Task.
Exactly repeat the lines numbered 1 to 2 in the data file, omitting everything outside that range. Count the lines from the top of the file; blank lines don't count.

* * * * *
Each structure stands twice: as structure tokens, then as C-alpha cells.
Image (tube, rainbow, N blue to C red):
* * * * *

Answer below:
Each structure stands twice: as structure tokens, then as C-alpha cells.
Image (tube, rainbow, N blue to C red):